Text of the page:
Evan Selinger:

Let’s examine the most egregious Facebook ad of them all: “Dinner” (in the video above). On the surface, it portrays an intergenerational family meal where a young woman escapes from the dreariness of her older relative’s boring cat talk by surreptitiously turning away from the feast and instead feasting her eyes on Facebook Home. With a digital nod to the analog “Calgon, Take Me Away” commercials, the young woman is automatically, frictionlessly transported to a better place: full of enchanting rock music, ballerinas, and snowball fights.

But let’s break Zuckerberg’s spell and shift our focus away from Selfish Girl. Think off-camera and outside the egocentric perspective framed by the ad. Reflect instead on the people surrounding her.

Ignored Aunt will soon question why she’s bothering to put in effort with her distant younger niece. Eventually, she’ll adapt to the Facebook Home-idealized situation and stop caring. In a scene that Facebook won’t run, Selfish Girl will come to Ignored Aunt for something and be ignored herself: Selfishness is contagious, after all. Once it spreads to a future scene where everyone behaves like Selfish Girl, with their eyes glued to their own Home screens, the Facebook ads portend the death of family gatherings.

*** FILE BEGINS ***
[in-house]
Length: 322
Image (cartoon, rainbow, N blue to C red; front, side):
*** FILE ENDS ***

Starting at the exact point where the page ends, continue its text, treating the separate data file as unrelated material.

Remember what I was saying about Hume and his connexions? This is a good example. If you’re already inclined to believe that most social media activity is frivolous, it’s very easy to thoughtlessly nod along with the next few steps in his reasoning. But people are not integers. Silly ads are not chains of logical propositions understood as literal commands. The Great Unwashed are not blank slates incapable of resisting or criticizing suggestions without the help of a philosophy professor. And when it comes to human behavior, like does not necessarily beget like. Ignored Aunt might very well possess the wisdom of several decades’ experience and be gracious enough to realize that Selfish Girl will eventually outgrow her moody adolescent self-absorption, as adolescents always have, without bearing her a grudge over it. Like most humans ever, Selfish Girl will likely become bored by her normal routine — in this case, frittering away spare moments on Facebook — and go looking for greener grass elsewhere. Perhaps even in flesh and blood relationships.

It’s typical of intellectuals, in their drive for logical consistency, to trick themselves into seeing logical necessity where none exists. Overthinking things, basically. Really, the idea that millions of years of social instincts honed by evolution will be destroyed or reshaped in a couple decades by some cool new gadgets is only fit for laughing at.